Since 1923 • For a greater Loyola

The Maroon

Editorial: Jesuit values mean opposing mass incarceration

Photo+illustration+by+Cristian+Orellana+Photo+credit%3A+Cristian+Orellana
Photo illustration by Cristian Orellana Photo credit: Cristian Orellana

Photo illustration by Cristian Orellana Photo credit: Cristian Orellana

Photo illustration by Cristian Orellana Photo credit: Cristian Orellana


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The fact that Louisiana is the state with the nation’s highest incarceration rate is often stated in conversations about the topic.

But no matter how often we hear this, it doesn’t become less daunting. Until recently, little has been done legislatively to keep people out of prisons like the Louisiana State Penitentiary, better known as Angola and also nicknamed the “Alcatraz of the South.”

It’s the largest maximum security prison in the United States.

A crucial step was taken to turn the tide of mass incarceration in our state on Nov. 1, when the Louisiana Justice Reinvestment Act, a legislative package signed into law this summer, went into effect. It aims to decrease the prison population by 10 percent, expand probation eligibility and consolidate qualifications for parole consideration for prisoners convicted of non-violent, non-sexual offenses.

On Oct. 17, Gov. John Bel Edwards visited Loyola Law’s symposium titled “Children of Incarcerated Parents: Ending the Cycle of Trauma” as the keynote speaker to address this plan and its impact on Louisiana’s prison population. It is predicted that by the end of next year, with the help of this act, we may finally be able to shed our title as the state with the highest incarceration rate — but is that enough?

This should certainly be celebrated as a step in the right direction, but the battle isn’t over. If we aren’t first in incarceration, won’t we be second or third? Angola will still loom to the north, with 71 percent of inmates serving a life sentence and 1.6 percent on death row.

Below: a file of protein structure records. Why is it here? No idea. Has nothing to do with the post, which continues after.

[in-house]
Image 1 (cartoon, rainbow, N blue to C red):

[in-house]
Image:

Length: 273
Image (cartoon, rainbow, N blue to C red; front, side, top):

With social justice being a large part of Loyola’s culture, it is common for students to be active in social justice initiatives on campus and the surrounding community. However, with one of our Ignatian values being care for the poor and oppresses, we cannot let those suffering in prisons be forgotten just because they are out of our Loyola bubble.

It is easy to fall into the mindset that only those in charge can make the change, especially since incarcerated people are in the hands of the law, but an abundance of resources are available to students on our Loyola campus to make a difference.

The Loyola University Community Action Program has a Students Against Hyper-Incarceration group: a project aimed to “inform members of minority youth of their rights through the promotion of juvenile justice, in particular the school to prison pipeline.” This project aims to inform the community of the link between incarceration rates and race and is an accessible outlet for students to get involved in the fight against hyper-incarceration.

Loyola also offers various educational courses revolving around flaws in the prison system, including “Age of Mass Incarceration,” which requires not only a social justice activity but a service trip to Angola prison. This, along with a variety of other classes, can help not only to inform students about the issues surrounding incarceration rates in Louisiana but also include them in the fight against injustice in prisons.

To truly adhere to the Jesuit values Loyola’s community holds dear, we should remember to look beyond our campus to those forgotten in cells and actively engage in educational and service opportunities offered by our institution.

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Since 1923 • For a greater Loyola
Editorial: Jesuit values mean opposing mass incarceration